When you’re spending more time at home, your local streets, household routines and neighbourhood nuances may become more familiar than you like. If you’re looking for fresh ways to learn something new, we’ve put together a list of powerful facts about energy. Read carefully and you’ll be well-equipped once trivia nights come back onto your calendar.
Thunderbolts and lightning
Although it sounds a lot less impressive when it’s called an ‘electrical discharge’, that’s exactly what a strike of lightning is. At any one time, it’s expected that there are 2000 active thunderstorms across the globe and almost 10 million strikes every day1—plus a few extras if we count the regular artificial strikes at Questacon.
The average lightning bolt contains 5 billion joules of energy.1 The average kitchen kettle uses 200 watt-hours to boil one jug of water, which means one lightning strike is enough to power up your kettle almost 7000 times—enough for over 41,000 cups of tea.
Australia’s sunny disposition
Far and wide, Australia is known for its beaches, deserts, wildlife and heat. Not everyone is a surfer, but the heat of the ‘Australian sun’ is correct. Australia has the highest level of solar radiation per square metre of any continent.2 This is a reminder to wear your sunscreen, but it also makes for excellent solar energy generation, which may explain why 1 in 4 Australian households now have solar.3
We may not have hover boards or flying cars, but yes, gigawatts are real—and it’s a lot of energy. It goes like this:
1,000 watts = 1 kilowatt (kW)
1 million watts = 1 megawatt (MW)
1 billion watts = 1 gigawatt (GW)
To put that into perspective, 1 GW is equal to more than half of all the energy generated by large-scale solar farms in Australia in 2018.4
We’ve talked a lot about joules and watts. Just as a newton is named after Sir Isaac Newton and a saxophone is named after Adolphe Sax, joules and watts were named in honour of the people who developed them as well—both named James.
James Prescott Joule
Joule was an English physicist, known for his studies relating to heat and various forms of energy in the 1800s,5 which he referred to as ‘Joule’s law’. His work formed the basis for thermodynamics—the relationship between heat and other energy—which is the science behind how our cars, fridges and air conditioners work.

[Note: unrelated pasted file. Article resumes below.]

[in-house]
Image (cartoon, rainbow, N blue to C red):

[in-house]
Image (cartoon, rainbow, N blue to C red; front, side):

Watt was a Scottish inventor and mechanical engineer in the 1700s and early-1800s. ‘Watt’, the name for one unit of power, was named after him to honour his contributions to the development of the steam engine.
An energised history
The word, energy, derives from two Greek words: ‘en-‘, meaning ‘in’ and ‘ergon’ meaning ‘work’.6 The word was first used in a lecture by Thomas Young, a British physicist, in 1802. This timeline reflects the increasing importance of energy and power as the Industrial Revolution was in full swing.
A not-so-new invention
The number of electric vehicles (EV) on Australian roads is skyrocketing. Between 2019–21, the number of EVs on ACT roads almost quadrupled.7 Australia-wide, more than half of consumers will consider an EV for their next car.8
Characterised by the high-tech vehicles of Tesla Inc., the worldwide leader of EV sales, you’re likely to expect that EVs are a new creation. In fact, the first electric car can be traced back to 1828—only five years after the invention of the rain coat.9 Albeit, this was a model car, but it laid the foundations for the electric car we know today. In 1884, the first production EV hit English roads—which makes EVs at least 137 years young.
So, do you now feel empowered by your newfound energy knowledge and facts? Taking the time to understand your energy is the key to better bills. Do you know what uses the most energy in your household? Learn what it is and how to reduce it.
Interested about the power of EVs for your home or business? Your own chargers, right there, right when you need them, mean you can make the most of your electric driving experience.
Are you one of the growing number of Australians with solar? Make sure you’re maximising your energy investment with a great feed-in tariff.